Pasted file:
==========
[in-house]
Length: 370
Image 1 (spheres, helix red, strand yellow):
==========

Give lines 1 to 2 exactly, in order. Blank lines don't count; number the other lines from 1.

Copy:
[in-house]
Length: 370